Bushes and Briars: A Brief Raving Folk History 3


Songs are some­times immor­tal trav­el­lers, and if you fol­low their tracks, you end up in all kinds of places. Reg­u­lar read­ers will know I have a weak spot for folk bal­lads, and their his­tory and vari­ous inter­pret­a­tions are fas­cin­at­ing to track. Bushes and Bri­ars came onto my path from dif­fer­ent dir­ec­tions, but I’ll get to that later.

The old­est men­tions of the bal­lad that I could find are from nine­teenth cen­tury broad­sides such as this one.

A mockup of the lyr­ics from one of the broad­sides.

It’s a clas­sic love bal­lad, in the sense that it explores some of the troubles and uncer­tain­ties of love and rela­tion­ships. The woman in the song doesn’t trust men, and the last line sug­gests she’s driven to sui­cide because of it. Within the con­text of Brit­ish bal­lads as a whole, that is under­stand­able, as many of them are about men prey­ing on (and mur­der­ing) women.

In 1904, the song was col­lec­ted and rearranged by Eng­lish com­poser Ralph Vaughan Wil­li­ams, and from there on it entered into the rep­er­toire of many choir and solo sing­ers.

The his­tory of the song goes dark here for a num­ber of dec­ades, but it most def­in­itely resur­faced in the folk revival of the 1960s, where it was recor­ded by Isla Cameron for her self-titled 1966 album. More import­antly, the song ended up in the 1967 film adapt­a­tion of Thomas Hardy’s novel Far from the Mad­ding Crowd, in which it is sung by act­ress Julie Christie, though dubbed by Cameron.

At least from that time, “Bushes and Bri­ars” has been a stand­ard not only in the clas­sical world, but also among folk sing­ers.

Sandy Denny’s “Bushes and Bri­ars”, by the way, is not a rendi­tion of this par­tic­u­lar bal­lad, though it’s worth a listen.

I actu­ally first came across “Bushes and Bri­ars” while read­ing Simon Reyn­olds’ (highly recom­men­ded) book Energy Flash about late 80s and early 90s house and rave cul­ture. He men­tioned a 1992 track called “Sub Dub” by DJ Seduc­tion which (sup­posedly) sampled the voice of Maddy Prior, best known from Stee­leye Span.

I went on a brief wild goose chase try­ing to find out when Prior (or Stee­leye) had recor­ded the song, but my search came up empty. As it turns out, “Sub Dub”, though the best known, wasn’t the first incor­por­a­tion of “Bushes and Bri­ars” into elec­tronic music. “Sub Dub”, in fact, samples the 1992 house track “West in Motion” by Bumble, where the bal­lad is sung by Breda Mayock. Another mis­un­der­stand­ing cleared up due to the dili­gent research of You­Tube com­menters.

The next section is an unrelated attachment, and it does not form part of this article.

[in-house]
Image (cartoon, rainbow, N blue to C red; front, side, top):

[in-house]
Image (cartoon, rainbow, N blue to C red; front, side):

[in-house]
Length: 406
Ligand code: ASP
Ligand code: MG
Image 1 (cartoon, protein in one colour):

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Being some­thing of a club clas­sic, “Sub Dub” went on to inspire other pro­du­cers, and it ended up at the harder end of the musical spec­trum when it was suc­ces­fully picked up by DJ Weirdo and Dr. Phil Omanski for their gab­ber track “Young Birds”. In 2006, finally, hard­style pro­du­cer Patrick Bunton had another go at it, though I always feel that hard­style lacks most of the energy of rave and gab­ber of the nineties.

Of all the nineties (and later) house ver­sion of the song that I’ve heard, my favour­ite is prob­ably the Rollers Remix of “Sub Dub” made by DJ SS. It takes the drum ‘n’ bass of the ori­ginal, but strips it down into some­thing darker and emp­tier. The cold synth waves and delayed toko melody make this ver­sion into some­thing really ori­ginal.

My most recent (and unex­pec­ted) encoun­ter with the song was its incor­por­a­tion into the long work “Fields Were the Essence of the Song” by Jes­sica Curry. It’s a lovely piece weav­ing together clas­sical piano com­pos­i­tion with nar­rat­ive spoken word, but dif­fer­ent verses from “Bushes and Bri­ars” fea­ture in between the nar­rat­ive parts.

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Though not all of the ver­sions and gen­res will likely be to everyone’s taste, the jour­ney of “Bushes and Bri­ars” is test­a­ment to the flex­ib­il­ity of musical cul­ture and to the power of indi­vidual songs.

If you’ve got more ver­sions of the track you wish to share, please leave a com­ment or send me an email. If the track is avail­able on You­Tube, I will add it to the mas­ter playl­ist.

Some web pages with addi­tional info: